For the fifth time, the Army on Tuesday delayed the pretrial hearing for a Muslim chaplain accused of mishandling classified information at the U.S. terror prison at GuantÃ¡namo Bay, Cuba.
The Southern Command in Miami said Capt. James ”Youseff” Yee’s hearing at Fort Benning, Ga., will resume March 10 — not today, as previously announced. Prosecutors sought the delay because the military has not completed a security review of potentially classified documents in the case, Southcom said.
Yee’s civilian attorney responded that the government should drop its case, which began with the West Point graduate’s arrest Sept. 11 in Jacksonville.
‘I don’t know what takes so long about completing this classification review, but it certainly supports our position that there is no `there’ there,” said Yee’s civilian defense attorney, Eugene Fidell.
“Whatever else you can say about the downward trajectory of this case, this latest delay affords the government time to take a hard look at whether the time has come to pull the plug.”
Early in the case, investigators told Yee’s Army attorney to prepare for an espionage trial. No capital crime charges were ever leveled. Yee, 35, is accused of mishandling classified material, adultery and downloading pornography onto his government computer, crimes that could carry a maximum 13-year sentence.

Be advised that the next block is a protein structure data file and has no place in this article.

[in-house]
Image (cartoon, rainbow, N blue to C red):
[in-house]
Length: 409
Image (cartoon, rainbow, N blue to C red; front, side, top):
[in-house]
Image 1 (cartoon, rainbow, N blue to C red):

The latest delay, announced late Tuesday, was the fifth blamed on confusion over the classification of documents.
Army Col. David McWilliams, a Southcom spokesman, also disclosed a delay in another GuantÃ¡namo case — hearings against Army Col. Jackie Duane Farr, 58, also slated to open today at Fort Gordon, Ga.
Charged Nov. 29 with making a false statement and failure to obey an order, Farr is the most senior military official caught up in last year’s crackdown on mishandling of intelligence by soldiers and civilians working at GuantÃ¡namo.
Unlike Yee, who was confined for 76 days at a Navy brig, Farr was allowed to continue working as an Army officer at GuantÃ¡namo pending his investigation. Conviction on his charges could bring a seven-year jail sentence.